The harvest of such wickedness,
is unrepentant sin.
5 The plans devised with diligence,
will bring prosperity;
But those conceived too hastily,
will lead to poverty.
6 A fortune made by telling lies,
will vanish in the air;
Such wealth is like a wisp of smoke –
a death inviting snare.
7 The wicked will be swept away,
by violence they incite;
For they refuse to do the things,
considered just and right.
8 The guilty lead a way of life,
that’s crooked to the core;
But everyone who’s innocent,
is upright, just, and pure.
9 Much better with a rooftop nook,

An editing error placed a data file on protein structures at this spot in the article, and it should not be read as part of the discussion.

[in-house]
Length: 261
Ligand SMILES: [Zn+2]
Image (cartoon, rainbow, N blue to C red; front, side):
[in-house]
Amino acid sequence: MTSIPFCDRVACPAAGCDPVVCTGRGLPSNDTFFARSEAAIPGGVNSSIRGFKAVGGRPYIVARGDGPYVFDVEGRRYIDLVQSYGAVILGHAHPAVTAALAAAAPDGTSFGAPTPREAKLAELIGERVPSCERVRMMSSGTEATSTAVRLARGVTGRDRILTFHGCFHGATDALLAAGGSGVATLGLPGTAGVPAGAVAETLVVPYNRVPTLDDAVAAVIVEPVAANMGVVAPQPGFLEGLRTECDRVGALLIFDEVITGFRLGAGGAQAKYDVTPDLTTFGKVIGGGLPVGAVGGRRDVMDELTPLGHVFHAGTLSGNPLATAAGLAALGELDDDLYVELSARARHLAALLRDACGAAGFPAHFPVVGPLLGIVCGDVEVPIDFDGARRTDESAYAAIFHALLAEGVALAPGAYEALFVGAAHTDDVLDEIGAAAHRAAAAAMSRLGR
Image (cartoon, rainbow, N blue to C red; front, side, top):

and solitary life;
Than sharing an entire house,
in conflict with a wife.
10 The wicked crave for what is vile,
and do not empathize;
Their neighbors see no grace in them,
no mercy from their eyes.
11 To see a mocker disciplined,
is how the naive learn;
But through instruction is the way,
the wise come to discern.
12 The righteous God observes the house,
where wicked people dwell;
He brings them into ruin as,
He sounds their final knell.
13 Now those who do not hear the poor,
or listen when they cry;
Will one day cry out loud themselves,
but hear not a reply.
14 A gift conferred in secrecy,
will soothe a person’s rage;
A hidden bribe will calm one’s pique,
and strongest wrath assuage.
15 The righteous feel a surge of joy,
when justice is displayed;
But evildoers seeing it,
are terribly afraid.
16 Whoever wanders mindlessly,
from pathways that are wise;
Will surely come to rest with those,
who’ve passed to their demise.
17 Those living lives for pleasure’s sake,